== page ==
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GUNTRAM, or GONTRAN (561-592)

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Originally appearing in Volume V12, Page 730 of the 1911 Encyclopedia Britannica.
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GUNTRAM, or GONTRAN (561-592), king of Burgundy, was one of the sons of Clotaire I. On the death of his father (561) he and his three brothers divided the Frankish realm between them, Guntram receiving as his share the valleys of the Saone and Rhone, together with Berry and the town of Orleans, which he made his capital. On the death of Charibert (567), he further obtained the civitates of Saintes, Angouleme and Perigueux. During the civil war which broke out between the kings of Neustria and Austrasia, his policy was to try to maintain a state of equilibrium. After the assassination of Sigebert (575), he took the youthful Childebert II. under his protection, and, thanks to his assistance against the intrigues of the great lords, the latter was able to maintain his position in Austrasia. After the death of Chilperic (584) he protected the young Clotaire II. in the same way, and prevented Childebert from seizing his dominions. His course was rendered easier by the fact that his own sons had died; consequently, having an inheritance at his disposal, he was able to offer it to whichever of his nephews he wished. The danger to the Frankish realm caused by the expedition of Gundobald (585), and the anxiety which was caused him by the revolts of the great lords in Austrasia finally decided him in favour of Childebert. He adopted him as his son, and recognized him as his heir at the treaty of Andelot (587); he also helped him to crush the great lords, especially Ursion and Berthefried, who were conquered in la Woevre. From this time on he ceased to play a prominent part in the affairs of Austrasia. He died in 592, and Childebert received his inheritance without opposition. Gregory of Tours is very indulgent to Guntram, who showed himself on occasions generous towards the church; he almost always calls him " good king Guntram," and in his writings are to be found such phrases as "good king Guntram took as his servant a concubine Veneranda" (iv. 25); but Guntram was really no better than the other kings of his age; he was cruel and licentious, putting his cubicularius Condo to death, for instance, because he was suspected of having killed a buffalo in the Vosges. He was moreover a coward, and went in such constant terror of assassination that he always surrounded himself with a regular body-guard. See Krusch, " Zur Chronologie der merowingischen Konige," in the Forschungen zur deutschen Geschichte, xxii. 451-490; Ulysse Chevalier, Bio-bibliographie (2nd ed.), s.v. " Guntram." (C. PF.) GUNTUR; a town and district of British India, in the Madras presidency. The town (pop. in roof , 30,833) has a station on the Bellary-Bezwada branch of the Southern Mahratta railway. It is situated east of the Kondavid hills, and is very healthy. It appears to have been founded in the 18th century by the French. At the time of the cession of the Circars to the English in 1765, Guntur was specially exempted during the life of Basalat Jang, whose personal jagir it was. In 1788 it came into British possession, the cession being finally confirmed in 1823. It has an important trade in cotton, with presses and ginning factories. There is a second-grade college supported by the American Lutheran Mission. Until 1859i Guntur was the headquarters of a district of the same name, and in 1904 a new DISTRICT OF GUNTUR was constituted, covering territory which till then had been divided between Kistna and Nellore. Area, 5733 sq. m. The population on this area in roof was 1,490,635. The district is bounded on the E. and N. by the river Kistna; in the W. a considerable part of the boundary is formed by the Gundlakamma river. The greater part consists of a fertile plain irrigated by canals from the Kistna, and producing cotton, rice and other crops.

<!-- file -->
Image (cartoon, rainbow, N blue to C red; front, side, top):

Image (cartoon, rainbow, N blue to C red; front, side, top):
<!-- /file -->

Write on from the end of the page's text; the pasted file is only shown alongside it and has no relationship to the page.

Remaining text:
End of Article: GUNTRAM, or GONTRAN (561-592)

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